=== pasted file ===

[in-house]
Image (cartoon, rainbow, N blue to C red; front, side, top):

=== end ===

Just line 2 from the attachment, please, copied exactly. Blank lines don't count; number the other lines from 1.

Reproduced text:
Image (cartoon, rainbow, N blue to C red; front, side, top):